Are real-life solutions more often ideal or non-ideal?

Most real-life solutions are non-ideal solutions, with ideal solutions being largely theoretical.

Is there any heat change in an ideal solution upon mixing?

No, an ideal solution has no heat change upon mixing, unlike non-ideal solutions.

Are there positive and negative deviations in non-ideal solutions?

Yes, non-ideal solutions can show positive or negative deviations from Raoult's law, unlike consistent ideal solutions.

What is an ideal solution?

An ideal solution is one that obeys Raoult's law across all concentrations, unlike a non-ideal solution.

What happens to the volume in a non-ideal solution when mixed?

In a non-ideal solution, volume may increase or decrease upon mixing, unlike an ideal solution.

Can non-ideal solutions lead to azeotropes?

Yes, non-ideal solutions can lead to azeotropes, which are not seen in ideal solutions.

What's the significance of intermolecular forces in ideal solutions?

In ideal solutions, the intermolecular forces between like and unlike molecules are similar, unlike non-ideal solutions.

How do deviations in non-ideal solutions help in industrial processes?

Deviations in non-ideal solutions can be exploited for separations in industries, unlike consistent ideal solutions.

Can deviations in non-ideal solutions be measured?

Yes, deviations in non-ideal solutions can be measured using various techniques, providing insights not necessary in ideal solutions.

Are the solute-solvent interactions always ideal?

No, in many cases, solute-solvent interactions lead to non-ideal solutions rather than ideal solutions.

How are ideal solutions useful in chemical engineering?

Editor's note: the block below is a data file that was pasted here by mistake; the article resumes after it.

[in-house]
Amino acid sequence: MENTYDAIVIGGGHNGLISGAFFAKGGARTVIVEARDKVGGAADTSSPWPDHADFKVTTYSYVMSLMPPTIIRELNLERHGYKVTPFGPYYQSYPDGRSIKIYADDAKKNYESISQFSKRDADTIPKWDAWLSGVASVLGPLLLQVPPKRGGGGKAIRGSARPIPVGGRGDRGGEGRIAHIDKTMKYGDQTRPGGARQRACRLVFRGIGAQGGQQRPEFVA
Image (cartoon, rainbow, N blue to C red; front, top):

Ideal solutions help in designing processes and predicting behaviors, though real systems often behave as non-ideal solutions.

Can non-ideal solutions have components that are immiscible?

Yes, non-ideal solutions can have components that are partially or completely immiscible, unlike consistently miscible ideal solutions.

Do ideal solutions exist in nature?

While some solutions come close, truly ideal solutions are rare, with most being non-ideal.

What drives the formation of a non-ideal solution?

Non-ideal solutions form due to differences in intermolecular forces between the components, unlike ideal solutions.

Are colligative properties affected in non-ideal solutions?

Yes, colligative properties can deviate in non-ideal solutions compared to ideal solutions.

Is the entropy change always predictable in non-ideal solutions?

Not always. The entropy change in non-ideal solutions might vary, unlike the predictable behavior in ideal solutions.

Do non-ideal solutions always deviate from Raoult's law?

Yes, non-ideal solutions deviate from Raoult's law, while ideal solutions obey it.

Why do non-ideal solutions show volume changes upon mixing?

Non-ideal solutions show volume changes due to differences in intermolecular forces, unlike ideal solutions.

How do ideal solutions aid in understanding solution behaviors?

Ideal solutions provide a reference to understand deviations in non-ideal solutions.

Why are ideal solutions important in thermodynamics?

Ideal solutions provide a reference point for understanding deviations in real, non-ideal solutions.
About Author
Written by
Harlon Moss
Harlon is a seasoned quality moderator and accomplished content writer for Difference Wiki. An alumnus of the prestigious University of California, he earned his degree in Computer Science. Leveraging his academic background, Harlon brings a meticulous and informed perspective to his work, ensuring content accuracy and excellence.
Edited by
Janet White
Janet White has been an esteemed writer and blogger for Difference Wiki. Holding a Master's degree in Science and Medical Journalism from the prestigious Boston University, she has consistently demonstrated her expertise and passion for her field. When she's not immersed in her work, Janet relishes her time exercising, delving into a good book, and cherishing moments with friends and family.